Introduction to econometrics. Economic modelling

Introduction to econometrics. Economic modelling

Before talking about economic modelling, it is necessary to understand what an econometric model is. Econometrics cannot explain perfectly the phenomena that occur in simple words. The best we can do is to use models, i.e. simplified representations of real phenomena.

Economic modelling
Economic modelling

Where ω is the (logarithmic) wage, x is the number of years of schooling, Ɛ is the error term. β is how much your wage will increase by one more year of schooling. A macroeconomic example, in the Keynesian framework, aggregate consumption is a function of aggregate income (GDP). This translates into an econometric model that can be seen as follows:

economic modelling equation
economic modelling equation

So what is economic modelling? It is a set of descriptive equations (economic model); it is also a statement of the possible errors of the observations and a specification of the probability distribution of the disturbances.

Some examples:

  • A city council wonders how much violent crime will be reduced if it spends an extra million euros to put uniformed police officers on the street.
  • A candidate for the presidency of a country wonders how many additional voters in X state will support him if he spends $1 million more on advertising in that state.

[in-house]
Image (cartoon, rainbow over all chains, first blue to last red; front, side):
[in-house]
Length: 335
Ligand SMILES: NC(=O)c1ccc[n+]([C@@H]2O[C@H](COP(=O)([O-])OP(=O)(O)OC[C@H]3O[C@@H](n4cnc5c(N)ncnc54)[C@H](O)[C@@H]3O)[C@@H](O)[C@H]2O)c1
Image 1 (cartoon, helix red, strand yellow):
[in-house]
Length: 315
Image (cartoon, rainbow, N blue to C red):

• The owner of a local pizza franchise must decide how much advertising space to buy in the local newspaper and, therefore, must estimate the relationship between advertising and sales.
  • The University of Salamanca must estimate how much the number of enrolments will decrease if tuition is increased by 100 euros per semester, and therefore whether its tuition revenue will increase or decrease.

Some elements we need to be clear about:

  • Cross-sectional data: Observation of variables for N units in a period.
  • Time-series: Tracking of the same individual for T periods.
  • 1+2 panel data: Several individuals followed for T periods.

Let us look at economic modelling through examples:

Cross-sectional data

A cross-sectional dataset on wages and other individual characteristics:

RemarksSalaryEducationExperienceFemaleMarriage
13.1011210
23.24122211
33.0011206
46.0054401
55.3012701
52511.5616501
5263.5014510
  • Wage: Euros per hour.
  • Education: Years of education.
  • Experience: Years of work.
  • Female: Or other gender indicators.
  • Marriage: Marital status.

Time series

Minimum wage, unemployed and related data in Puerto Rico

RemarksYearMinimum
average
Average
coverage rate
UnemploymentGNP
119500.2020.115.4878.7
219510.2120.716.0925.0
319520.2222.614.81615.9
3719563.3558.118.94281.6
3819573.3658.216.84496.7
  • Average minimum: Average minimum wage per year.
  • Average coverage rate: Percentage of jobs covered by the minimum wage.
  • Unemployment: Unemployment rate.
  • GNP: Gross national product.

Panel data

Two-year panel data set on crime statistics in the city

RemarksCityYearDeathsPopulationUnemploymentPolice
11198653500008.7440
21199083592007.2471
3219862643005.475
4219903681005.575
2971491986102607009.6286
298149199062450009.8334
2991501986255430004.3520
3001501990525462005.2495
  • Deaths: Number of deaths.
  • Population
  • Unemployment: Unemployment rate.
  • Police

Leave a Reply

Your email address will not be published.